“Realize that bodies are only a fraction of who we are They’re just oddly-shaped vessels for hearts And honestly, they can barely contain us…” – Gabe Moses (From How to Make Love to a Trans Person)
I love human bodies: large, small, male, female, neither, both. And yet, as Gabe Moses writes in the gorgeous poem I recommend you read the whole of, they are only a portion of what makes up our whole: we are also mind, emotion, spirit, love, sex, gender, animal, anger, flexibility, and hope.
I am awake when I ought to be sleeping, because I feel troubled by this rift, that – even in trying to find ways to speak about it – seems to only grow larger. Hopefully, our understanding will also grow large someday.
We are complex beings, just as the cosmos is complex. I am awake because in writing the article Duality and Diversity, in trying to speak of my own experiences of gender – the strangeness of which began for me in my childhood – and of some of what went on this last Pantheacon, I stepped on some landmines, and perhaps hurt or angered some of my brothers and sisters. Tricky stuff, gender. Tricky stuff, diversity. Tricky stuff, privilege.
Yes, I write as a person with cissexual privilege. This colors my view of the world. When I stand up with my trans allies, I try to learn a little more each time. There are always things for me to learn.
Yes, I write as a person with cissexual privilege. This causes me to misstep sometimes with those who do not share in that privilege. I make mistakes. I fumble. I keep trying.
Yes, I write as a person with cissexual privilege. My gender, however, is fluid. That lack of a binary gender, I will not let another take away from me. While some people may hold ends of the broad spectrum of male or female, masculine or feminine, I am somewhere in the vast between. My gender is mutable, lovely, and strange.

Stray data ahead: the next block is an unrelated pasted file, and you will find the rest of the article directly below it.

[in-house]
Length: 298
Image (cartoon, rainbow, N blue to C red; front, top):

As I spoke on a panel at the Florida Pagan Gathering, of which the people of this blog transcribed this portion:
In The Book of the Law, Nuit says, ‘I was divided for love’s sake for a chance of union.’ In that way polarity is really important; it’s an important teacher to us. I talk about this a lot in my second book, Kissing the Limitless, this thought that God Herself, Star Goddess, is the fabric of all; and in a way she is pre-gender. And then there are the Divine Twins, that division. And really that can be any polarity: hot-cold, day-night, male-female, active-receptive. My hope is we shift more toward working a whole range of polarities, knowing that really we’re all really a part of the fabric of everything, and that the beauty of our work as magic-workers, as witches, as shamans, is to bring the poles back together into a new form, creating a new being and a new culture with each other. That’s my hope.
That is my reality. It may not reflect the reality of some of you reading. And I am still left with this question:
How do we humans balance inclusion and diversity without turning into a homogeneous melting pot or actively practicing discrimination? If I believe that the cosmosphere needs diversity, how do we foster a healthy diversity, rather than a divergence that tears us apart?
My way is to attempt welcome as many people as feel called, to practice with me and to share their work. My way is to listen to as many different stories as I am able. My way is to keep practicing.
My apologies to those whom my article caused hurt or gave offense. I will keep attempting to learn to be a better ally in our struggle for equality and freedom.
We stand in a time of great change. May we learn to navigate these changes with greater and greater strength, compassion, and flexibility.
I hope our communities keep thinking and talking. May we open for love’s sake, for a chance of union.